Representatives of USC Shoah Foundation in Iraq for conference on trauma
Two USC Shoah Foundation representatives will participate in a conference this weekend in northern Iraq that seeks to address a dearth of psychological support for hundreds of thousands of refugees left traumatized by the reign of the Islamic State – also known as ISIS – between 2014 and 2017.
Karen Jungblut, the Institute’s director of global initiatives, and Qanta Ahmed, a physician and member of USC Shoah Foundation’s Next Generation Council, will both speak at the International Conference on Genocide and Mass Trauma at the University of Duhok.
Co-sponsored by the University of Duhok and German Peace Services, participants will discuss challenges and solutions in the field of genocide studies and traumatology, with an eye toward a creating better future in Iraq.
The terror inflicted by ISIS has left some 600,000 people —many of them members of Yazidi community and refugees from Syria -- living in refugee camps in northern Iraq. Large numbers of these refugees will require long-term psychological support, but at present only four psychiatrists provide mental health services for these patients in the Duhok region, conference organizers say.
Jungblut, the Institute’s director of global initiatives, will speak on Saturday about the importance of giving survivors a voice through testimony. Ahmed, who is also a member of the Institute's advisory committee on Countering Contemporary Antisemitism Through Testimony, will discuss Islamism in one panel and trauma’s effect on sleep patterns in another.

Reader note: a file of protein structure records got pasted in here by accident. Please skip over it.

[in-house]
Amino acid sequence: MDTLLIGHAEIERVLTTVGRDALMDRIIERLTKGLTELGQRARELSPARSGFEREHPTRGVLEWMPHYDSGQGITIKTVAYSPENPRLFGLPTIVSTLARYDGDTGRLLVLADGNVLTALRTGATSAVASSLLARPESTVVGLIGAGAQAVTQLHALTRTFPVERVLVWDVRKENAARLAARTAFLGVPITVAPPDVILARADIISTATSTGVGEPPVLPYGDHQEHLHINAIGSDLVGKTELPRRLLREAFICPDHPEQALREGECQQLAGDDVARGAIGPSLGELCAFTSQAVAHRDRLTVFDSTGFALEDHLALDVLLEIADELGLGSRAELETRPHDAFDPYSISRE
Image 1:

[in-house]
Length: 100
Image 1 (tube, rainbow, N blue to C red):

On Sunday, conference participants – including Jungblut and Ahmed -- will visit refugee camps as well as Lalish, a small mountain village considered to be the holy place of the Yazidi people, who were singled out for mass murder and persecution by ISIS.
The severe mental health consequences for the refugees led to the 2016 formation of the University of Duhok’s Institute of Psychotherapy and Psychotraumatology (IPP), which helped organize the event. Funded by the Ministry of Science, Research and Arts of Baden-Württemberg, Germany, the IPP offers a new master’s degree in psychotherapy and psychotraumatology and aspires to train Iraqi students to work with the traumatized population.
Jungblut’s presentation will share insights into the challenges of recording survivor testimonies, such as putting the interviewee in a position to re-live their traumatic experiences, or helping archivists who might be impacted by vicarious trauma when working with the survivor testimonies on a daily basis. She will discuss how to address the ethical challenges of recording testimonies, and speak about a process that needs constant reflection to guide the work so as to not to do more harm than good.
Ahmed’s first presentation, “Islamism: the totalitarian foundations for modern genocide,” will differentiate Islamism, which she calls “the modern day 20th-century political totalitarianism,” from Islam “the ancient monotheism and sequitur of Abrahamic faith.”
Her second presentation will explore the impact on sleep and role of narrative medicine in the female trauma survivor. The talk will examine, among other things, sleep disorders in the traumatized female, such as insomnia and PTSD-related parasomnias.
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